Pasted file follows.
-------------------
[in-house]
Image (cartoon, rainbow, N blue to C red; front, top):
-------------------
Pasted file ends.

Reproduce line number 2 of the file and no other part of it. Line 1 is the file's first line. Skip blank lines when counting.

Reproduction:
Image (cartoon, rainbow, N blue to C red; front, top):